4. Show lots of love. I think ultimately the best way to bond with your rescue dog is to show it a whole ton of unconditional love. Chances are your rescue dog has been mistreated at the hands of a previous owner, or is depressed after being separated from their original owner. They need to be shown kindness and love and, with patience, they will begin to trust and love you back. Trust building is very important with any new pet, they need to feel safe and comfortable in their new home. We show love for our dogs by buying them their own blankets and pillows from Value Village (which we cycle through the wash regularly), setting them up in a cozy place like the couch or a dog bed, sit with them when we watch TV, take them for long casual walks with lots of fun stuff to see and smell, and by providing treats as rewards for good behaviour. Ozzy and Suzie both love car rides so we take them with us when we go out for a drive. They also both love sitting with us at the end of the day and having their bellies rubbed. It took some time but Ozzy now jumps up onto the couch happily when I sit down and leans against me for cuddles. So show lots of love and be patient with your new dog and things will hopefully work out for the best!

We got lucky and both our rescue dogs are amazing, and we knew very little about them when the adoption went through. We hadn’t met either dog before we showed up to take them home, though you are definitely able to visit your local shelter to see which dog works best for you. We used petfinder.com to find both Ozzy and Suzie, as well as some of our rescue bunnies. I hope this post is helpful to those who are thinking about or who have recently adopted a dog from a rescue shelter πŸ™‚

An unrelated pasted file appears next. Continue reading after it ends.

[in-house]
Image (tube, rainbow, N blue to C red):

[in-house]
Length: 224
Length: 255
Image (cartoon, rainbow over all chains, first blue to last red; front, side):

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2 comments

  1. I was one of those people who want to get a pet from a store until I learned more about animal shelter. I just need to move to a place that allows pets. But I have a question: When you need to travel to other country, do you bring your pets too? Have you ever need to leave your house for a week and need to give them to someone to take care?

    • Having the pets has definitely made it hard to travel. We usually get a housesitter, but all the animals together are a bit much for one person so sometimes we have taken the dogs to be boarded with a friend then have the bunnies and cats watched by someone else. If we go on a road trip we bring the dogs but not for flights! Rescue animals are the best πŸ’ž